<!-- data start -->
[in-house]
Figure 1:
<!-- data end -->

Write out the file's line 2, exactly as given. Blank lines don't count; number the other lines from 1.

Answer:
Figure 1: